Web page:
Thermaltake clearly wanted to appeal to as many people as possible with the Argent line. Normally that would be a trite statement — of course a company would seek the largest possible market for its latest products. But in this case it seems like Thermaltake specifically wanted the Argent M5 and Argent M5 Wireless to be usable by practically everyone. It came much closer to hitting the mark with the wired Argent M5 than it did with the wireless model.
Why? It’s partly just because of the mouse’s aesthetics; the additional RGB lighting makes a significant difference that’s hard to capture in a photograph. (At least for not-quite-amateurs like myself.) But the main contributors are the technically superior sensor, which is worth noting even if the differences are negligible in everyday use, and the lower weight. I simply found the Argent M5 more comfortable to look at and use for extended periods.
Combine that with solid build quality, the braided cable, and the reduced price and the Argent M5’s advantage becomes clear. It’s simply not worth spending the extra money on the Argent M5 Wireless just to ditch the cable — and I say that as someone who really doesn’t like having to manage one more cable on his desk. This also helps the Argent M5 compare better to other affordable mice, which is where being a jack-of-all-trades can be truly valuable.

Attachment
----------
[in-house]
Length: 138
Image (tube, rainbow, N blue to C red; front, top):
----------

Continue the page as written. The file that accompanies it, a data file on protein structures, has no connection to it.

If you’re looking for a mouse that excels in a very particular category, such as an ultralight wireless mouse designed for competitive shooters, there are better options out there. Those mice are likely to be more expensive, though, and might not be as well-rounded as something with broader appeal. If you’re looking for a solidly-built gaming mouse that won’t break the bank and fits a wider array of use cases, consider the Argent M5.